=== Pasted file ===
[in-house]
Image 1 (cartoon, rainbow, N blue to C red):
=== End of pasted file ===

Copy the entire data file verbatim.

[in-house]
Image 1 (cartoon, rainbow, N blue to C red):